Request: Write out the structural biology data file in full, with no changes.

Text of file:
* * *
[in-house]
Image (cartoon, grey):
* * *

[in-house]
Image (cartoon, grey):